Tall, gangly, and oddly handsome, stage, screen, and television actor Jeff Goldblum is an unlikely sex symbol. But for many women, especially those fond of eccentric intellectual types, he fits the role perfectly. Known for the range of quirky, often otherworldly characters he has portrayed, Goldblum is adept at playing lead and supporting roles in dramas and comedies alike.
A native of Pittsburgh, PA, where he was born October 22, 1952, Goldblum moved to New York at the age of 17 to pursue an acting career. He got his start at Sanford Meisner's distinguished Neighborhood Playhouse, and in the '70s began performing in a wide variety of on and off-Broadway productions. When he was 22, Goldblum made his film debut with a small role as a rapist in Michael Winner's brutal revenge drama Death Wish (1974). He was performing on-stage in the El Grande de Coca Cola review when Robert Altman gave him a small part in California Split (1974) and a slightly larger role in Nashville (1975). Afterwards, Goldblum was steadily employed as a bit player in both major and minor features, turning in one of his most notable performances as a nervous houseguest struggling to remember his mantra in the Los Angeles-set segment of Annie Hall (1977).
In 1980, Goldblum branched out into television, starring opposite Ben Vereen in the short-lived television detective comedy Tenspeed and Brown Shoe. As Brown Shoe, Goldblum played an uptight stockbroker trying to make it as a hardboiled private detective. Although the role may have given him greater recognition, the actor gained his first really favorable reviews playing a tabloid magazine reporter in The Big Chill (1983). This led to leading roles in such films as Into the Night (1985), where Goldblum played an aerospace engineer opposite Michelle Pfeiffer, and Silverado (also 1985), which cast him as a villainous gambler. In 1986, he had his first hit movie with David Cronenberg's terrifying sci-fi-horror film The Fly (1986), playing a driven scientist whose research turns him into a gruesome mutant. His co-star was his then-wife, Geena Davis, whom he met while they were on the set of the comedy-thriller Transylvania 6-5000 (1985). The couple divorced in the early '90s and Goldblum then embarked on a highly publicized relationship with actress Laura Dern that broke up in the mid-'90s.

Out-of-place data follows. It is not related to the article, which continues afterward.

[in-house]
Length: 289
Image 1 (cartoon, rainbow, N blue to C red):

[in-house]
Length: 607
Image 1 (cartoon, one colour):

In 1989, Goldblum made a favorable transatlantic impression in the British romantic comedy The Tall Guy, playing a perpetually unemployed actor who is cast as the lead of a musical about the Elephant Man. He continued to work steadily throughout the subsequent decade, appearing in films of markedly varying quality. He found great success in Steven Spielberg's Jurassic Park, playing a mathematician in one of the decade's biggest blockbusters. In 1996, Goldblum again explored blockbuster territory with a leading role as a computer genius in Independence Day. He reprised his role from Jurassic Park in that film's sequel 1997 sequel, The Lost World: Jurassic Park. He starred opposite Eddie Murphy in the notorious bomb Holy Man.
At the beginning of the next decade Goldblum worked primarily in independent films such as Burr Steers' debut Igby Goes Down, and playing the romantic and professional rival to Bill Murray in Wes Anderson's The Life Aquatic with Steve Zissou. In 2006 he scored a role in his most mainstream film in quite sometime as part of the impressive ensemble in Barry Levinson's satire Man of the Year.
In 2009, Goldblum joined the cast of Law & Order: Criminal Intent in the show’s eighth season to play the role of Detective Zach Nichols. 2010 found the actor co-starring with Harrison Ford and Diane Keaton for the showbiz comedy Morning Glory. In 2014, he re-teamed with Anderson in The Grand Budapest Hotel.